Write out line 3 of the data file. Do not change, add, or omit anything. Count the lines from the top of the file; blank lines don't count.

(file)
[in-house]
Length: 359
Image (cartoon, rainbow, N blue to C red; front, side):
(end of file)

Image (cartoon, rainbow, N blue to C red; front, side):